Star Log 2022-09-18 23:00 AKDT (Fairbanks, AK, US)

I prayed for good star-gazing weather yesterday morning, and was blessed with a great opportunity last night, with skies clearing up for most part around 9pm. The top item on my agenda was to try out the telescope again on Jupiter. Unfortunately, of the original three magnification lenses I had, I lost one in storage, and I discovered that another one had a cracked lens, which left only the lowest magnification. So I didn't have enough magnfication to get any detail on Jupiter's surface. But I was excited to be able to view four of jupiter's moons. The image I saw looked just like this screenshot from Stellarium, except that the moons were not disks but instead bright points, and also my view was inverted horizontally.

Four of Jupiter's moons

Here is a zoomed-in screenshot showing which planet is which:

Names of Jupiter's moons

Something else I wanted to try again was viewing the Andromeda Galaxy. In the end, I think my telescope is just too narrow (60 mm D.) so I never was able to see anything more than a smudge at that spot. But I did get a lot better at finding it by zig-zagging up a few stars:

Path to the Andromeda Galaxy

In that area of the sky, I took another look at Perseus, and for a while I enjoyed the beatiful starfield around Mirfak:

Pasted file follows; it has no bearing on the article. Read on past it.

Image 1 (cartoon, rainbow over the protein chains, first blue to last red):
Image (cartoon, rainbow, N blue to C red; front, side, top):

Location of Mirfak

Beautiful field of stars around Mirfak

Just off the left tip of Cassiopia, there is another interesting group of stars, which I was able to view with my larger binoculars:


Interesting stars left of Cassiopia

I also spent some time sweeping around Cygnus, on the other side of the sky. A little ways to the right of Deneb, there are three interesting stars which make a long, sharp triangle:



Triangle stars near Deneb

Zooming in on Deneb itself, it appeared as though Deneb was crowned with a wreath of stars.

Stars surrounding Deneb

Also, I took another close look around Vega. It is part of a triangle-shaped set of stars, with two stars close-together making up the top vertex.

Stars surrounding Deneb

The sky was very clear by 11:30pm, but I was getting rather tired, and I needed to go to work early in the morning. Some other interesting/helpful things I noticed tonight were: (1) the skies are a lot darker, from my location, toward the South and toward the West, away from the city; and (2) we have a lot of polar-orbit satellites zooming by all the time, such that it is not necessary even to look for them — they just zoom by randomly in my telescope or binocular view as I am looking at other things.

I'm hoping to get a higher magnification lens soon for my little telescope, to get a better view of Jupiter. I had a lead also on someone who might be willing to loan me their larger diameter telescope, which would be helpful with the faint star and galaxy viewings.

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